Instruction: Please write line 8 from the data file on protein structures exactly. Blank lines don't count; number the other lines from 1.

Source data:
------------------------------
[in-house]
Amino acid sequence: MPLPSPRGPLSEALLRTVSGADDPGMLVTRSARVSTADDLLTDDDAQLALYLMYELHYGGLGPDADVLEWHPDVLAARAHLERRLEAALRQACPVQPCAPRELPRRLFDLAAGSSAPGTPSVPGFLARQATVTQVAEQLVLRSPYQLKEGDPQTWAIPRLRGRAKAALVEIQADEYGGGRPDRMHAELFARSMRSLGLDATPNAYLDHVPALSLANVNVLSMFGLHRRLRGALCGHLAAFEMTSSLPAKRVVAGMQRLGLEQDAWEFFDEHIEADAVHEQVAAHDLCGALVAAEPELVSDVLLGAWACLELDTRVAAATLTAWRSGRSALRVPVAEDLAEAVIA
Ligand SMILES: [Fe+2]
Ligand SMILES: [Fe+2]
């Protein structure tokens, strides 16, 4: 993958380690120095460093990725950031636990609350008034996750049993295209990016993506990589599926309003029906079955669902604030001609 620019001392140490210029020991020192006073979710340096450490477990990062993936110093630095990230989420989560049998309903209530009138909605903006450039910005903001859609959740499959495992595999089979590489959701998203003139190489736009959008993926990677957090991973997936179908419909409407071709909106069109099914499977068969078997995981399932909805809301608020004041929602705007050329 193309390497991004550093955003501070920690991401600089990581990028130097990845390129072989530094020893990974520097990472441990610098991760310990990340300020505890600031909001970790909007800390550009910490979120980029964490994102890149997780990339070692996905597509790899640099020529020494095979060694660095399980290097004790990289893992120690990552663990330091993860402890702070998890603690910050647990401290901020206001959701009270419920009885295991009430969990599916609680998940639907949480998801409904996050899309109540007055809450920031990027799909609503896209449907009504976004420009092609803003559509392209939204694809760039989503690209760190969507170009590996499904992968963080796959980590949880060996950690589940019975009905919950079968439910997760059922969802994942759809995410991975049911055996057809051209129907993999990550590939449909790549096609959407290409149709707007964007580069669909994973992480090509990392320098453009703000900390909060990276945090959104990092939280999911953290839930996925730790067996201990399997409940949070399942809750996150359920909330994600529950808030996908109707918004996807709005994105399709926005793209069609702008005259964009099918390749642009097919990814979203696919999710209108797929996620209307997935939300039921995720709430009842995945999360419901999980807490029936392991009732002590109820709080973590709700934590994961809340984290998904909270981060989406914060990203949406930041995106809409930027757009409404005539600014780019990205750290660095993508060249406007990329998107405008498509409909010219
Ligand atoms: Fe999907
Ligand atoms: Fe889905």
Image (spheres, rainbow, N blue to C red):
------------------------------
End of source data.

Image (spheres, rainbow, N blue to C red):